Balances at September 30, 2021           885,000    $            885          157,911,410    $            157,914    $  10,208,339    $       (15,527,088)      $              (4,428)    $     (5,164,378)
Balances at October 1, 2019           885,000    $            885          157,911,410    $            157,914    $  10,208,339    $       (14,090,395)      $              (4,428)           (3,727,685)
Net loss                         (559,591)                 (559,591)
Balances at September 30, 2020           885,000    $            885          157,911,410    $            157,914    $  10,208,339    $       (14,649,986)      $              (4,428)    $     (4,287,276)

 

(1) The number of shares in treasury stock for all periods presented was 4,428,360.

See Notes to Consolidated Financial Statements.

 F-3 

REGENICIN, INC. AND SUBSIDIARY

CONSOLIDATED STATEMENTS OF CASH FLOWS

(UNAUDITED)

 

   Year Ended
September 30,
2021
    Year Ended
September 30,
2020
 
CASH FLOWS FROM OPERATING ACTIVITIES        
     Net loss $(877,102)  $(559,591)
     Adjustments to reconcile net loss to net cash used in operating activities:         
         Unrealized loss on investment  25    1,725 
         Accrued interest on loans and notes payable  34,713    47,050 
         Stock based compensation - general and administrative          
         Reversal of accounts payable        (152,933)
         Changes in operating assets and liabilities         
              Accounts payable  5,015    103,294 
              Accrued expenses  - other  232,243    (143,745)
              Accrued salaries - officers  580,999    581,001 
Net cash used in operating activities  (24,107)   (123,199)
CASH FLOWS FROM FINANCING ACTIVITIES         
         Proceeds of loans from officers  24,600    123,750 
Net cash provided by financing activities  24,600    123,750 
NET DECREASE IN CASH  493    551 
CASH - BEGINNING OF PERIOD  1,366    815 
CASH - END OF PERIOD $1,859   $1,366 
Supplemental disclosures of cash flow information:         
       Cash paid for interest $     $   
       Cash paid for taxes $     $   
Non-cash activities:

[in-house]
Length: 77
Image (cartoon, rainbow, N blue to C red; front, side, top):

Issuance of convertible promissory note in exchange for loan payable - officer $     $335,683 

 

See Notes to Consolidated Financial Statements.

 F-4 

REGENICIN, INC. AND SUBSIDIARY

NOTES TO THE CONSOLIDATED FINANCIAL STATEMENTS

 

NOTE A - THE COMPANY

 

Regenicin, Inc. ("Regenicin"), formerly known as Windstar, Inc., was incorporated in the state of Nevada on September 6, 2007. On July 19, 2010, the Company amended its Articles of Incorporation to change the name of the Company to Regenicin, Inc. In September 2013, Regenicin formed a new wholly-owned subsidiary for the sole purpose of conducting research in the State of Georgia (together, the "Company"). The subsidiary has no activity since its formation due to the lack of funding. The Company's business plan is to develop and commercialize a potentially lifesaving technology by the introduction of tissue-engineered skin substitutes to restore the qualities of healthy human skin for use in the treatment of burns, chronic wounds and a variety of plastic surgery procedures.

 

NOTE B - SUMMARY OF SIGNIFICANT ACCOUNTING POLICIES

 

Principles of Consolidation:

 

The accompanying consolidated financial statements include the accounts of Regenicin and its wholly owned subsidiary. All significant inter-company balances and transactions have been eliminated.

 

Going Concern:

 

The Company's consolidated financial statements have been prepared assuming that the Company will continue as a going concern which contemplates the realization of assets and satisfaction of liabilities in the normal course of business. The Company has incurred recurring losses and as of September 30, 2021, has an accumulated deficit of approximately $15.53 million from inception, expects to incur further losses in the development of its business and has been dependent on funding operations through the issuance of convertible debt and private sale of equity securities. These conditions raise substantial doubt about the Company's ability to continue as a going concern. Currently management plans to finance operations through the private or public placement of debt and/or equity securities. However, no assurance can be given at this time as to whether the Company will be able to obtain such financing. The consolidated financial statements do not include any adjustment relating to the recoverability and classification of recorded asset amounts or the amounts and classification of liabilities that might be necessary should the Company be unable to continue as a going concern.

  

Income (loss) per share:

 

Basic loss per share is computed by dividing the net loss by the weighted average number of common shares outstanding during the period. Diluted loss per share gives effect to dilutive convertible securities, options, warrants and other potential common stock outstanding during the period; only in periods in which such effect is dilutive.